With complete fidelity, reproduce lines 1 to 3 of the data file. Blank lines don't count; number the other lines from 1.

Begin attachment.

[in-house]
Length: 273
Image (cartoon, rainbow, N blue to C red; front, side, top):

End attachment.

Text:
[in-house]
Length: 273
Image (cartoon, rainbow, N blue to C red; front, side, top):